Nineteenth century laws of sound correspondence led to major advances in linguistics. Numeracy, the linguistics of numeral systems, and calculations … now represent twentieth century contributions to an understanding of the … decades. Numeral names … recall an old pre-exponential numeral system that stands between concrete counting and exponential decimal systems.
Seiler has characterized breaks in numeral formations as a “turning point between serializations” that mark the “semiotic status of the base”, while Hurford called attention to the point where a language changes methods for signaling addition as indicative of a base break. So the syntax of English ‘thir-teen … nine-teen’ (digit + base), in stating the smaller number first, differs from that of 21-29 (base + digit) with the smaller number suffixed to the base. Addition in one but multiplication in the other signals the teens / decades break.
Non-standard decade formations from 30 to 90 in French, trente, quarante, cinquante, soixante, septante, uitante /octante, nonante ‘thirty, forty, fifty, sixty, seventy, eighty, ninety’, are built on the strategy digit + a ten-valued suffix -(a)nte, parallel to the English forms with digit + ‘-ty’.
But despite French numerical reforms, standard French numerals for decade counting, like many Celtic systems, retain well-known breaks reminiscent of non-decimal systems. Major breaks in the standard system begin with 70 (soixante-dix, literally ’60-10′ to soixante-dix-neuf ’60-ten-nine’ or ’60-nineteen’) and 80 (quatre-vingt, literally ‘four-twenty’ to quatre-vingt-dix-neuf ‘four-twenty-nineteen’).
French soixante-dix and quatre-vingt have been accounted for as the result of Celtic influence. If Celtic, as a branch of IE, has inherited the PIE decimal system, however, both IE Celtic and French should share an inherited decimal system. To the extent that soixante ’60’ is 6 x 10, and 60 marks a base-like entity on which to build soixante-dix ’70’ as ’60-ten’, soixante formations recall a base value ’60’, but numerals quatre-vingt ’80’ (four-twenty), quatre-vingt-dix ’90’ (four-twenty-ten) build on 20
Breaks in the standard French decade system reflect factors [10 and 6] operating on base units 10 and 60 as far as 79 and factors [10, 2, and 5] operating on base units 10 and 20 from 80 to 99. These numeral bases and factors are not powers of any base, but pre-exponential factors reminiscent of traditional systems of measure rather than sequential counting. Decade numerals trente to soixante ’30-60′ are formed regularly from the digits 3-6 plus the decade suffix -(a)nte, and French 62-69 follows the strategy of addition: ‘sixty+2 …’ established with 22.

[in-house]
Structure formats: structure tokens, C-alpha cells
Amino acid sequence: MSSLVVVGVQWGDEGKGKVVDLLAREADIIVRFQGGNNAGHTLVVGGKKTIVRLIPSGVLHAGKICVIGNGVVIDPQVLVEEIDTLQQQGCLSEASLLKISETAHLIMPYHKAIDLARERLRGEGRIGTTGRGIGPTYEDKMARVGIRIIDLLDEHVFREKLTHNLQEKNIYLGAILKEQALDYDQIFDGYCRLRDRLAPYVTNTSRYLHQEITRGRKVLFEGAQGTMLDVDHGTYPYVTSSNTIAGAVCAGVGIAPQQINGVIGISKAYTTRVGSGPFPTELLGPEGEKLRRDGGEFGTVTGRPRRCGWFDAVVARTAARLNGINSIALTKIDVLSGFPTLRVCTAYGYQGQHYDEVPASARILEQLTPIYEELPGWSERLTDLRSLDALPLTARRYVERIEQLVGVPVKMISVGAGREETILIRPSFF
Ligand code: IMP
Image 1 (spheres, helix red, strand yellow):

The first break begins with soixante-dix ’60-10′ which uses 60 as base for adding 10-19 to build 70-79. But soixante itself is otherwise not the productive base that French cent (English ‘hundred’) is. There is no soixante-vingt, for example. The second break begins with the numeral quatre-vingt that, as ‘4-20′, builds on vingt ’20’ as a base. In quatre-vingt-dix ‘4-20-10’ the addition process of 60+10 recurs.
Is French vingt part of the paradigm, trente, quarante, …, or is / was it a separate, unanalyzable base? In the system that underlies quatre-vingt, it serves as a numeral base. By a factor of 5, numeral base vingt is converted to cent ‘100’. The numeral quatre-vingt (4 vingt’s) recalls the conversion of a base 20. Phonological correspondences with Latin make it part of an older decimal paradigm, to the extent that Latin vii-gint-ii ’20’ is ‘2-10’s’. Sound correspondences relate French vingt to Latin vii-gint-ii ‘twenty’ or IE *ui-kentii (Coleman 1992:397-398 with discussion of the relation of *kent- to IE ‘ten, decade, hundred’), while subsequent decades in -(a)nte correspond to Latin *-(a)-gint-aa: quinqu-a-gint-aa, tri-ginta ‘fifty, thirty’ (Pope 1966 :127; 318). Although historically vingt is a phonological reduction from a potential ancestral ‘two decades’ (Latin vii-gint-ii ‘two gint’s), whether vi-ngt was only accentually separated from soix-ante or not), vingt and soixante have separate roles in the French system of numeration.
NUMERACY AND THE GERMANIC UPPER DECADES*by Carol F. Justus Journal of Indo-European Studies 24, 1996, 45-80
I tried to contact Carol Justus, Director, Numerals Project at the University of Texas at Austin, to request her advice on my own study. I found that she had passed away on 1 August 2007. So I tried to contact Winfred Lehmann, Director of the Linguistics Research Center, University of Texas at Austin , but found, to my astonishment, that he also died, on the very same day.